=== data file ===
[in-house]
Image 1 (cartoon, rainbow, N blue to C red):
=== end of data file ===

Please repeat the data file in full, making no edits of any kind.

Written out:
[in-house]
Image 1 (cartoon, rainbow, N blue to C red):